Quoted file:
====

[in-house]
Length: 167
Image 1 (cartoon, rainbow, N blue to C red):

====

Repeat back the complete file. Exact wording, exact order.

[in-house]
Length: 167
Image 1 (cartoon, rainbow, N blue to C red):